My Finny Valentine

Getting misty-eyed over creamed herring and sweet German beer at AnneMarie's Bistro

At night the restaurant also features off-the-menu dinner specials, all of which are German. Tonight, it's rouladen, a stuffed meat roll. The stuffing of ground meat and sausages is rolled inside something that resembles a flank steak. Then the whole thing is simmered to a soft, pot roast-like consistency in a rich red sauce. The meat rolls come out very tender, and there's plenty of sauce to go with the excellent browned potatoes and onions. Skinny green beans, cauliflower and carrots are cooked until done but still firm.

The same potatoes and vegetables are served with stuffed pork tenderloins with porcini mushroom sauce, another hearty German-style entrée. I like the thick, creamy mushroom sauce with the potatoes even better than the rouladen sauce. The pork is juicy, and the stuffing seems to contain minced mushrooms. The portions are enormous; my dining companion and I can't finish the entrées, and half the herring salad remains as well. He takes the leftovers home for his wife. For dessert, AnneMarie demands we sample the cherry and apple strudels, both of which are good but not fantastic.

"Why is the menu half German and half other stuff?" I ask AnneMarie later on the phone.

AnneMarie Buett sold the Old Heidelberg Inn, starting over with AnneMarie's Bistro.
Deron Neblett
AnneMarie Buett sold the Old Heidelberg Inn, starting over with AnneMarie's Bistro.


713-268-1115. Hours: Monday through Saturday, 9:30 a.m. to 3 p.m., 5:30 p.m.-10:30 p.m.

Herring salad: $5.95
Sausage and cheese plate: $5.75
Cup of goulash: $2.75
Wiener schnitzel: $12.95
Stuffed pork with mushroom sauce: $12.95
Combination smoked sausage platter: $11.75
Strudel: $3

6510 Del Monte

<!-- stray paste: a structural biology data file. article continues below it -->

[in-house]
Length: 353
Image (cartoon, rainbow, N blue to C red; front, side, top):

"People don't like German food all the time; they think it's too heavy," she says. But the popularity of the German items on the menu at AnneMarie's Bistro hasn't escaped her notice. "I am going to change the menu again next month," she says, "and I think it's going to be more German." But AnneMarie is probably wise to stay flexible. When summer comes around and German food doesn't sound so appealing anymore, she'll have her options open.

I also want to know why the Wiener schnitzel has cream sauce at night but not during the day. "The original Wiener schnitzel is served without sauce," she says. But if you want cream sauce on it at lunchtime, all you have to do is ask.

And where does she get the herring in cream sauce? "I make it myself," she says. The herring comes already cured from the supplier. She rinses off the wine marinade it comes in and prepares the German-style sour cream, apple and onion dressing. AnneMarie's herring is one menu item that will taste just as fabulous in the summer as it does right now. But then again, my opinions about herring shouldn't be trusted.

My ex-wife and I have been divorced for eight years, but the spirit of our honeymoon lives on in my irrational adoration of herring with apples and onions on rye bread with German beer. As the Pennsylvania Dutch say, "Kissing wears out. Cooking don't."

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